Plans for major new buildings on campus have progressed as architects were given an initial design brief by the university.
The new academic building would replace the Russell Building and the adjacent Arts D and E buildings, with improvements also being made to connections to surrounding buildings, including Essex and Norwich House, Arts C and EDB. A new teaching building, set to begin construction in the spring term next to the Swanborough residences, will allow for the Russell building to be demolished by summer 2010.
Deputy Vice-Chancellor, Professor Paul Layzell, said of the redevelopments: “The aim is that the new academic building will not just accommodate but significantly enhance the University’s learning and teaching facilities. We want to create an environment that is highly attractive for students and academics.”
The plans are to house the school of Law, Politics, Sociology, Business, Management and Economics in the new building, with the school of Education and Social Work being based in nearby Essex House.
“We want to create an environment that is highly attractive for students and academics”
Architects are set to propose designs for the new construction in December, with the plans going on display to the university in the new year. The new building will house a new lecture theatre, general and specialised teaching spaces, academic areas and social spaces, including a new cafe. The university also hopes to meet environmental standards by reducing carbon emissions, although the exact means to doing this have not yet been outlined.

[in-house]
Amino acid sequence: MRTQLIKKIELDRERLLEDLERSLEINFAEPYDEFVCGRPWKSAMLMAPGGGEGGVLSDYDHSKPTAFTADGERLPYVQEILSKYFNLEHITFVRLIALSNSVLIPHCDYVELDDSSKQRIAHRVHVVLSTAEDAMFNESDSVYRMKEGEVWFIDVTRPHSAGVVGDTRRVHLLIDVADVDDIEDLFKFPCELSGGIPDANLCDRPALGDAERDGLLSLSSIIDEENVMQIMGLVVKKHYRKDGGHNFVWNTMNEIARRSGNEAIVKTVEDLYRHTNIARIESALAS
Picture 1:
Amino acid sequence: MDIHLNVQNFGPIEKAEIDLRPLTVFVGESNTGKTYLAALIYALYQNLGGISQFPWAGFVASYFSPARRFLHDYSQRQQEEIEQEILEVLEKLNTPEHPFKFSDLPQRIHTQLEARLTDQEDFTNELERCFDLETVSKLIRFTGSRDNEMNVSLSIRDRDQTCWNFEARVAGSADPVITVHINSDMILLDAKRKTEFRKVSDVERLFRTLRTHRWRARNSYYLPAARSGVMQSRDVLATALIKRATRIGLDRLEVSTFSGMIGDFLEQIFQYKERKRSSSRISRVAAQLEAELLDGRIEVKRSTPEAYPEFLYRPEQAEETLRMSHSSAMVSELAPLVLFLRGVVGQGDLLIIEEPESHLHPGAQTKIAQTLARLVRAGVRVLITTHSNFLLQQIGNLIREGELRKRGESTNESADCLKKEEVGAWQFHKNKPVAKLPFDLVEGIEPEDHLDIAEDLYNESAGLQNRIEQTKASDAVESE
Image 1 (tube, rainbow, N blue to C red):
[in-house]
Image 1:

The developments come as Oxford Brookes University set out plans for grand renovations to their Headington Campus. The £150m redevelopment programme will include new lecture halls, computing and study areas, as well as the student union and student services. The building will be situated in a new public square, intended to be the centrepiece of the new and improved campus.
The plans are intended not only to improve the campus, but to benefit Oxford as well. The new construction will be passed by millions of people every year, and the arrival atrium will be used to showcase public art. The University are also investing £500,000 for the redevelopment of roads, bus lanes, public lighting and pavements in the area.
Rex Knight, the deputy vice-chancellor of Oxford Brookes, said of the plans, “I am sure that it will not only transform the experience students have at Brookes, but also be an exciting addition to the architectural landscape of Oxford. The new student centre is about providing much more than just a new lecture theatre and library — it’s about creating inspiring spaces.
“The combination of a new public square, new public art and the striking glass design of the building will help create a modern gateway for Oxford to complement the historic city centre.”
The University also hopes the redevelopments will help reduce the campus’ carbon footprint, by reaching the highest environmental standards, including the introduction of rainwater harvesting.